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Subway Art

Last Friday started out as a great day because I was on my way to meet Jessie at the Met. The MTA made it all the better with some beautiful mosaics in the passageway from the E train at 53rd Street to the 6 train at 51st Street.

Take a look; first, this wonderful yellow-- worm? snake? rope? I made a video but my tech skills aren't sufficient to share it with you. I can't find the names of these artists--I'll go back there and search for more information.

Then this mural of wonderful hoops and constructions.

Thank you, MTA for brightening my day, for recognizing that color and beauty make everything better. This reminds me of an old memory. When I taught at Trinity people had to walk through the art studio to get from their classrooms to the library, and frequently, when they entered our space they would whistle or sing. This happened all the time! Students, teenagers and middle-schoolers, teachers, everybody! I asked my boss and studio mate, John Dooley, "What gives? Why does everyone burst into song when they come through here?" He replied, "It's the light. The rest of this building has no windows and coming in here, seeing the sunlight and a glimpse of the sky lifts their spirits--and they sing!"

Then I met Jessie and in our visit to Saint Barbara I found that my memory has played tricks on me. I swear this painting lived in the first room at the top of the grand staircase, just to the right as you walk in. I'd bet my life on it but nope, it wasn't there. I asked the guide,

"Would you please direct me to The Martyrdom of Saint Barbara?"

He looks blank. Can you give me a hint?"

"Well, her father is chopping off her head."

"Oh, take a right. There's a room full of heads getting chopped off."

Here it is. I also firmly believed that it was twenty feet wide but nope. It's a perfect square. So much for memory. My scarf looks nice with her dress, don't you think?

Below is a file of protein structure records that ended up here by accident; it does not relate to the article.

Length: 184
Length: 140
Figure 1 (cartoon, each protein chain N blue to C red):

Lucas Cranach the Elder was commissioned to paint this scene; Jessie said, "Who would want this in their house?" But it was probably meant for a church, where worshippers could contemplate our girl's bravery and steadfast faith. The four witnesses are probably Roman authorities demanding that she make a sacrifice to the Pagan gods. She looks so serene she might be having her hair done.

Then we moved on to something more cheerful--Disney's fascination with 17th century French design and how it shows in his fairy tales.

To get there we walked through the Medieval gallery where I once took Jessie and her friends, Lily and Shannon, to see the Christmas tree.

They were in Kindergarten and I thought they'd be in awe of that glorious tree but they caught sight of a few crucifixes and were horrified at the wounds.

"Oh, no, they put nails in his hands? Didn't that hurt? Why did they do that? In his feet too?" They were all close to tears.

"Girls don't you want look at the tree? and all the beautiful angels? And look at all the animals, and the wise men and the shepherds? Aren't they great?"

Nope, they couldn't look past the horror.

Whoa, I took a turn to the dark side, didn't I? Well, after Christmas comes Good Friday. And then comes Easter. There's always dark and light.

This has been a rough couple of years, and this past week has been especially terrible.

We need to keep this in mind;

The light shines in the darkness and the darkness cannot put it out.

and we need to keep singing.

January 27, 2022

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